Your HVAC is one of the most essential systems in your home. Without it, the air supply wouldn’t be adequately conditioned in the summer and winter, and indoor air quality might impact your health.
When HVAC is installed, it’s designed to function according to the current requirements inside your home. Over the years, your goals and needs can change. Knock down a wall to make an open concept living space? Add a new wing out back? Change the layout of your kitchen? Any changes to your home can impact the way your HVAC system operates.
It may require that you upgrade both your furnace and air conditioner, in order to meet the new demands inside your home.
Does your new HVAC equipment meet your HOA rules and regulations?
HOA guidelines ensure that homes within a community all stay within the codes, covenants, and restrictions established for the area. They are created for uniformity from one home to another.
Depending on what your HOA has established may impact the HVAC equipment you can install. Typically, HOAs may create guidelines that:
Restrict HVAC noise
Noise can be one of the biggest issues between neighbors. Lawn equipment, loud cars, and other power tools can be a source of grievance many HOAs face. That’s why many HOA’s now establish noise limits that homeowners must abide by, or face penalties and enforcement. Learn what your codes are before you shop. One of our HVAC technicians can help you find the right HVAC equipment that stays within the guidelines, yet offers efficiencies simultaneously.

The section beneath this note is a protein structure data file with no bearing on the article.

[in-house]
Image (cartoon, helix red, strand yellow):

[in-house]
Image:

Dictate the type of HVAC
Some HVAC’s will dictate what HVAC equipment you can install, especially if any of the equipment will be visible outside on your property. It can outline where outdoor units must be installed, the size of the equipment, and how visible it is from the street. Some HOAs may even need you to seek approval before installation.
Meet certain requirements
Some HOA’s have strict building codes to ensure all HVAC equipment meets specific standards before installation. It might work hand in hand with city or state regulators to provide high-quality equipment. Many times HOAs do this to avoid the do-it-yourself route, and to ensure the safety of other residents in the community.
Do you live in an area with an HOA? Before upgrading your HVAC equipment, check with your HOA guidelines to ensure your new equipment meets their guidelines. We can help you select the right equipment to suit your needs.